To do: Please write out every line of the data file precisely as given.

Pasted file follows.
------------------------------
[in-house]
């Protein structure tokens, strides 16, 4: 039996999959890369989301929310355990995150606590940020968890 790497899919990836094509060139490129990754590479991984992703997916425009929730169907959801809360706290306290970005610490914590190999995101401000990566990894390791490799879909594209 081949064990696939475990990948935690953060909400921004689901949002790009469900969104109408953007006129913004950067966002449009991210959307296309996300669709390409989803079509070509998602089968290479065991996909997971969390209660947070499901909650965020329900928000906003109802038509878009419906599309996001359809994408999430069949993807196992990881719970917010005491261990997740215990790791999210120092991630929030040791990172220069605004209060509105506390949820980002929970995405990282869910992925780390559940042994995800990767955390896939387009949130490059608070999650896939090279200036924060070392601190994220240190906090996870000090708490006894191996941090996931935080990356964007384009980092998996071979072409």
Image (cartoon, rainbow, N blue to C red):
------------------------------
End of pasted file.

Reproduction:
[in-house]
């Protein structure tokens, strides 16, 4: 039996999959890369989301929310355990995150606590940020968890 790497899919990836094509060139490129990754590479991984992703997916425009929730169907959801809360706290306290970005610490914590190999995101401000990566990894390791490799879909594209 081949064990696939475990990948935690953060909400921004689901949002790009469900969104109408953007006129913004950067966002449009991210959307296309996300669709390409989803079509070509998602089968290479065991996909997971969390209660947070499901909650965020329900928000906003109802038509878009419906599309996001359809994408999430069949993807196992990881719970917010005491261990997740215990790791999210120092991630929030040791990172220069605004209060509105506390949820980002929970995405990282869910992925780390559940042994995800990767955390896939387009949130490059608070999650896939090279200036924060070392601190994220240190906090996870000090708490006894191996941090996931935080990356964007384009980092998996071979072409």
Image (cartoon, rainbow, N blue to C red):